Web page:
group to ensure clarity for health care consumers about who enforces
their patient rights and consistency in the regulations of these
departments. Existing law requires the working group to report its
findings for review by the Insurance Commissioner and the Director of
the Department of Managed Health Care for review and approval and
submission every 5 years to the Legislature.  
   This bill would delete those reporting requirements. 
   Vote: majority. Appropriation:  no   yes
 . Fiscal committee: yes. State-mandated local program: no.


THE PEOPLE OF THE STATE OF CALIFORNIA DO ENACT AS FOLLOWS:

   SECTION 1.    Section 15438.10 is added to the 
 Government Code  , to read:  
   15438.10.  (a) The Legislature finds and declares the following:
   (1) Many Californians face serious obstacles in obtaining needed
health care services, including, but not limited to, medical, mental
health, and dental services. The obstacles include the existence of
complex medical, physical, or social conditions, including
disabilities, economic disadvantage, and living in remote or
underserved areas that make it difficult to access services.
   (2) With the recent passage of national health care reform, there
is an increased demand for innovative ways to deliver health care to
individuals in a cost-effective manner.
   (3) Technological innovation continues to create opportunities for
developing new methods of delivering needed services to underserved
communities and individuals cost-effectively and with improved health
outcomes.
   (4) There is a need to develop new methods of delivering health
services utilizing innovative models that can be demonstrated to be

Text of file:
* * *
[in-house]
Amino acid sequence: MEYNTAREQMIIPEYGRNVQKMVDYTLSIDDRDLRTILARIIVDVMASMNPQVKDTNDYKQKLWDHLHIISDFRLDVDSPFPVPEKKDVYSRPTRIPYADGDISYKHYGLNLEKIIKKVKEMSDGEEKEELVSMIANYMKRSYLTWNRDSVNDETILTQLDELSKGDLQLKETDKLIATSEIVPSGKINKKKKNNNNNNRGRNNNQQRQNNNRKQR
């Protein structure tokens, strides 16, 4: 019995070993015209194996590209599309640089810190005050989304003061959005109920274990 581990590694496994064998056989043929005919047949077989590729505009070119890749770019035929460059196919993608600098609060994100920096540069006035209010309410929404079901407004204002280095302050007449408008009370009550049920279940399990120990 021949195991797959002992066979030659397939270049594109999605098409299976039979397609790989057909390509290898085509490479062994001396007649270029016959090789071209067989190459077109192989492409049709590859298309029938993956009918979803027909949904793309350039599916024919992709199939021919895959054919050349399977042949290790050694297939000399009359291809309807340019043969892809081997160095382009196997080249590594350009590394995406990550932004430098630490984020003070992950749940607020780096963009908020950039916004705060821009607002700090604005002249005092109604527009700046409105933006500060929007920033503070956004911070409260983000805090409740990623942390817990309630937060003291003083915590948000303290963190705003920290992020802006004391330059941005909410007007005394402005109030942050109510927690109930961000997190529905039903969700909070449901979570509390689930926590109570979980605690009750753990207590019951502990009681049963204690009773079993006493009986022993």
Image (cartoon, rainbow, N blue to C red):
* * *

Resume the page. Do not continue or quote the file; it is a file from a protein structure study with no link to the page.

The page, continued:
effective and then replicated throughout California and that bring
needed care to individuals in need where they live or receive
education, social, or general health services.
   (5) For more than 30 years, the California Health Facilities
Financing Authority has provided financial assistance through
tax-exempt bonds, low interest loans, and grants to health facilities
in California, assisting in the expansion of the availability of
health services and health care facilities throughout the state.
   (b) (1) Following the completion of a competitive selection
process that shall be exempt from the competitive bidding
requirements of Chapter 2 (commencing with Section 10290) of Part 2
of Division 2 of the Public Contract Code, the authority may award
one or more grants that, in the aggregate, do not exceed one million
five hundred thousand dollars ($1,500,000) to one or more projects
designed to demonstrate specified new or enhanced methods of
delivering health care services to improve access to quality health
care for underserved or medically vulnerable populations or
communities, or both, that are effective at enhancing health